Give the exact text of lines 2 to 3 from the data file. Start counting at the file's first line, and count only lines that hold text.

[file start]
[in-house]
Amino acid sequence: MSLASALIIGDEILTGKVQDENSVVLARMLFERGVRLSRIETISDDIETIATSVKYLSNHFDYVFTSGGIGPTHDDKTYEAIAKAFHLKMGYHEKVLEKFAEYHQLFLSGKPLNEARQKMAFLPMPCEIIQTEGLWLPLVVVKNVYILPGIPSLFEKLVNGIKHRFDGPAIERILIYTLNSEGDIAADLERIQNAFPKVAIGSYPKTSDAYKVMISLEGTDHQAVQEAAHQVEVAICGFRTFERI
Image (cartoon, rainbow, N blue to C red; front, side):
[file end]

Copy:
Amino acid sequence: MSLASALIIGDEILTGKVQDENSVVLARMLFERGVRLSRIETISDDIETIATSVKYLSNHFDYVFTSGGIGPTHDDKTYEAIAKAFHLKMGYHEKVLEKFAEYHQLFLSGKPLNEARQKMAFLPMPCEIIQTEGLWLPLVVVKNVYILPGIPSLFEKLVNGIKHRFDGPAIERILIYTLNSEGDIAADLERIQNAFPKVAIGSYPKTSDAYKVMISLEGTDHQAVQEAAHQVEVAICGFRTFERI
Image (cartoon, rainbow, N blue to C red; front, side):